AJEE Collection of Articles on Mediation
AJEE Collection of Articles on Mediation
Mediation is undoubtedly one of the most current trend in legal science.
Here we collect the most read articles on mediation, published in AJEE:
- mediation and a child
- the online mediation
The Law of Ukraine ‘On mediation’ was adopted on 16 November 2021. A few publications on mediation were placed under these links and maybe useful for further research:
Nowhere in Europe are disputants forced to settle their civil or commercial disputes by way of mediation or any other form of alternative dispute resolution. Settlement is also completely voluntary in light of the fundamental right of access to court of Art. 6 of the European Convention of Human Rights.
This does not, however, mean that potential disputants may not be requested to attempt to settle their case before going to court, for example, by way of mediation, especially if strict time limits are observed for such procedure. In some European jurisdictions, attempting mediation or other forms of alternative dispute resolution before court action is initiated is mandatory, at least in certain cases.
The present contribution will focus on such preliminary mandatory mediation attempts in a selection of jurisdictions.
The article is devoted to distinctive features of the new Ukrainian legislative mediation regulation that are decisive for the national mediation model, such as the definition and principle of mediation, its principles and scope, requirements for mediators, etc. Special attention is paid to the perspective and challenges for the mandatory mediation in terms of the provisions of Art. 124 of the Constitution of Ukraine and European standards for access to court (para. 1 Art. 6 of the ECHR).
This article addresses organisational and procedural aspects of integrating mediation into judicial proceedings. Different models of integrating mediation into the Ukrainian court system piloted in Ukraine are analysed. The authors define current trends in the development of mediation in Ukraine.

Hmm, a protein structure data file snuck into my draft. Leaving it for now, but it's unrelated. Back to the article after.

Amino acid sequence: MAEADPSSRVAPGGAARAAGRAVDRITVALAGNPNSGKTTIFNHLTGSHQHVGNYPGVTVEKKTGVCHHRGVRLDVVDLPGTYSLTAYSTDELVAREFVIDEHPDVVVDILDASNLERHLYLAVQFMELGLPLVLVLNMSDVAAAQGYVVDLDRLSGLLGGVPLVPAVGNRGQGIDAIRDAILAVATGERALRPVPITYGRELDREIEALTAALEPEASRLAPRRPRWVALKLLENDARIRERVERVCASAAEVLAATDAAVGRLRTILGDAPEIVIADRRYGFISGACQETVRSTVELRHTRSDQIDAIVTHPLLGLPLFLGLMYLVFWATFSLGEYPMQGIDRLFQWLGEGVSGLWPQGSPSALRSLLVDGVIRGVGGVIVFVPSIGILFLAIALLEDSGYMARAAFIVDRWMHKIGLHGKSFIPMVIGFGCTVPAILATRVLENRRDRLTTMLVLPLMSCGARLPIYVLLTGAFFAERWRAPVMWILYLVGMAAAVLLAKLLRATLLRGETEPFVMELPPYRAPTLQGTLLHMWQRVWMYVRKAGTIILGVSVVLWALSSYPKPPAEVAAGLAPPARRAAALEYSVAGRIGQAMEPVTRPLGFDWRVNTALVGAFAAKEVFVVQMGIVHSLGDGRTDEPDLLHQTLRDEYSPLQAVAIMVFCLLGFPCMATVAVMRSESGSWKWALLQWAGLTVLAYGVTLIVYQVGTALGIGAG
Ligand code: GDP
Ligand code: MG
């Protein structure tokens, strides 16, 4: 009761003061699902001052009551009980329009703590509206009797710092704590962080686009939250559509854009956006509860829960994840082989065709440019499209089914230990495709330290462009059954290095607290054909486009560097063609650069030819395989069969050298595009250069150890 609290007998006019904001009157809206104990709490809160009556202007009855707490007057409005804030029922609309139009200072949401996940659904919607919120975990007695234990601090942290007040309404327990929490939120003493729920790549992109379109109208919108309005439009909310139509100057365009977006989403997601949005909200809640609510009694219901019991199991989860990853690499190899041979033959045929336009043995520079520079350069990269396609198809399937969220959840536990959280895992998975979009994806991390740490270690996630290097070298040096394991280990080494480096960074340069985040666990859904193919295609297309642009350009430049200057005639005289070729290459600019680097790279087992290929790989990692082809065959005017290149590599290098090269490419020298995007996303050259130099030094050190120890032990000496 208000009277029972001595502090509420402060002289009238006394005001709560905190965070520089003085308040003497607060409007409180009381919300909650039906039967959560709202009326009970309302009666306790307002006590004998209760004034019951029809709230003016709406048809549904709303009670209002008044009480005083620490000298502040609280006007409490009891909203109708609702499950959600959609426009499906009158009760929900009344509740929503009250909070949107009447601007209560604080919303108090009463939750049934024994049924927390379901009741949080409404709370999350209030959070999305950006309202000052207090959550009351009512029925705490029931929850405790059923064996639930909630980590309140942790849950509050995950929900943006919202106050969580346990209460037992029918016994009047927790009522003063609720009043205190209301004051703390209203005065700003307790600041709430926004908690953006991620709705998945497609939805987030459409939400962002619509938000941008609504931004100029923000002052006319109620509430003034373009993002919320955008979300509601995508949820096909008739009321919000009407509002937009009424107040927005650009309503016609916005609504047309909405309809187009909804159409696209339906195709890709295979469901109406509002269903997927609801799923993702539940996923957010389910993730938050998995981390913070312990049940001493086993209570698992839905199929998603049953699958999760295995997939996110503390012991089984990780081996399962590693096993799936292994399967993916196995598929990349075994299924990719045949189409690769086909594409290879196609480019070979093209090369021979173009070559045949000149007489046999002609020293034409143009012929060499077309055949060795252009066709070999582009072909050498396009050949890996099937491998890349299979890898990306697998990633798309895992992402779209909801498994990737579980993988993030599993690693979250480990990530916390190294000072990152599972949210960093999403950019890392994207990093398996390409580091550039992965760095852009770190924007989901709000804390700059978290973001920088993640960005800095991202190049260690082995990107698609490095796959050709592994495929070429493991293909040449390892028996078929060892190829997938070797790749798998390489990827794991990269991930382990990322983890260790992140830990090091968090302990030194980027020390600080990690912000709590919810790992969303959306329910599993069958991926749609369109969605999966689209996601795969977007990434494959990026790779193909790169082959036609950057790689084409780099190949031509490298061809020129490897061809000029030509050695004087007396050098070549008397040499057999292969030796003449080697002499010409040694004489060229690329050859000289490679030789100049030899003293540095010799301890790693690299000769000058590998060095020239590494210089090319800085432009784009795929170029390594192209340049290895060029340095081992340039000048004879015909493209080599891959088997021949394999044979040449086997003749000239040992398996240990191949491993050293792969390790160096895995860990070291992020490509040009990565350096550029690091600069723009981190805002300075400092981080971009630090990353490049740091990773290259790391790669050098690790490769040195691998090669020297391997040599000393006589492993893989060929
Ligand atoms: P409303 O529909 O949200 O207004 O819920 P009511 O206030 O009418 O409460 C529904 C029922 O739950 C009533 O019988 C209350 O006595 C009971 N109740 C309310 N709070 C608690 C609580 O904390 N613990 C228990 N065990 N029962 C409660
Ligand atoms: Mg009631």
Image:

On 7 August 2019 the Singapore Convention on recognition and enforcement of international mediated settlement agreements (hereinafter, the Singapore Convention) became open for signature.
This multilateral treaty was drafted by UNCITRAL after a labourious discussion that spanned several years and was adopted by the United Nations General Assembly on 20 December 2018. In order to mirror the provisions of the Singapore Convention, the UNCITRAL Model Law on International Commercial Conciliation of 2002 was amended and renamed as UNCITRAL Model Law on International Commercial Mediation and International Settlement Agreements Resulting from Mediation.
The purpose of this essay is to present an overview of the major contents of the Singapore Convention, a treaty aimed at providing uniform enforcement mechanisms for the mediated settlement agreements by which international commercial disputes are resolved.
The hope is that the Convention will promote a wider use of cross-border mediation. Just as the New York Convention of 1958 has been a successful instrument of international arbitration, the Singapore Convention is expected to make mediation more appealing thanks to specific and harmonized rules that are intended to make enforcement of settlement agreements easier and quicker to obtain.
In this note, the authors identify some problems concerning the introduction of mediation in Ukraine in terms of its use in the consideration and resolution of court cases. Despite the lack of clear legal regulation for mediation, courts in Ukraine still try to use this mechanism of pre-trial dispute resolution. Particular attention is paid to the law enforcement activities of courts in criminal and administrative cases, in which courts try to equate the conciliation procedure with the mediation procedure. These approaches clearly follow from the Resolutions and Recommendations of the Committee of Ministers of the Council of Europe and the settled case-law of the European Court of Human Rights (ECtHR) since, back in 1975, the ECtHR in its decision Golder v. The United Kingdom ruled that it is unlikely that the rule of law can be imagined without access to justice.